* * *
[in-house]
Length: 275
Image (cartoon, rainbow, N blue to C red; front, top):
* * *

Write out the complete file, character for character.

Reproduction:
[in-house]
Length: 275
Image (cartoon, rainbow, N blue to C red; front, top):